Taxing Times

Editor’s Blog: Produced in collaboration with the EU Buzz team 

Now that a global corporate tax rate has finally been agreed, after years of discussions on alleged and actual tax avoidance by international multinationals and online technology companies, can we expect imminent changes in Europe? 

Taxes are paid on trading transactions and both trade and tax rules are becoming increasingly complex as the divergence from everyday goods and services continues. Digital transactions, cryptocurrencies, encrypted data flows and varying low tax regimes or tax avoidance mechanisms, have led to trade wars and retaliation, as well as to a labelling of global businesses as unscrupulous. Even the role of the World Trade Organization (WTO) is being called into question as its dispute settlement mechanisms become increasingly paralysed. Stability is in short supply at the moment. Such actions benefit no one. The global focus must be towards reinvigorating growth and sustainable trade, and towards implementing tax systems intended to create a fairness policy, with greater transparency, from which everyone can gain.

The European Union both succeeds and fails in the area of tax policy. A block of 27 countries, each country has its own tax policy. There is no single market for tax and no EU fiscal policy. Tax policy is not a competence of the European Union. Ireland, Hungary and Cyprus all have corporation tax rates of below 15%, which makes them much more attractive to business than other Member States. As a result, these countries have seen phenomenal success and attracted many new businesses, especially from the technology sector. This might all be about to change if the global tax rules come into play. 

Whilst the EU itself does not set a common tax regime for Europe, it does negotiate on behalf of all the EU27 on global issues, and this is its strength- but only if and when it can get all 27 on board! The European Union has expertise and knowledge on economic, technology, legal and tax reforms which other countries in the G7 value. They are adept at compromise, which during global negotiations is always an asset. It was therefore not a surprise that on 5 June 2021, at the G7 Summit of finance ministers in London, plans were adopted to put in place a global tax collection system to make the global giants pay their fair share of taxes – After all, the European Union has been trying to tax certain global conglomerates since they put their feet on the European pitch and then refused to play the game on Brussel’s terms.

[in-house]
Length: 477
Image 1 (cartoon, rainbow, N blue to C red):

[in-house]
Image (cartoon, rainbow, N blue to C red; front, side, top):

The new tax reforms have two pillars: The first allows countries to tax some of the profits made by large global corporations based on their revenue generated in that country and not where the business is located for tax purposes. Such countries will be able to impose new taxing rights on at least 20% of the profits exceeding a 10% margin for the largest companies. The second pillar implements an internationally agreed minimum global corporation tax rate which the G7 set at “at least” 15%. 

Pillar one is anticipated to affect around 100 companies and pillar two up to 8,000 multinationals. Last October, the OECD estimated that €66.5bn in additional tax revenues each year could be recovered under the new reforms. The EU Tax Observatory has analysed that companies such as oil entities BP, Shell, Iberdrola and Repsol, mining firm Anglo American, telecoms firm BT, and banks such as HSBC, Barclays and Santander could all be affected. 

Ironically for the European negotiators seeking to pull in substantial funds from the big US tech companies, the levels set were above those for some of the giants like Amazon, who will, this time at least, escape the reforms. No doubt this has angered many in Brussels, and may yet lead to the EU demanding a broader scope so that more global tech companies fall into its tax basket. 

Negotiations will still continue also amongst Brazil, Russia, India and China who may yet challenge the agreement either to protect their companies or in order to collect more revenue. And, in traditional EU style, the implications of “at least”  still has to be clearly defined. Nevertheless, EU finance ministers believe the G7 deal will mean it will have unity even from its low-tax Member States and tax experts have shared that if there is a global consensus on the rules, then any avoidance will be difficult.

There will be no “get rich quick” scheme here for global governments who are looking to increase tax revenue to off set the pandemic spending. This deal is unlikely to be finalised and put into legal practice, alongside the necessary revenue collection mechanisms, for several years yet. For now the only mechanism in place is the digital services taxes to support the empty purses of governments and to keep the global conglomerates in check! 

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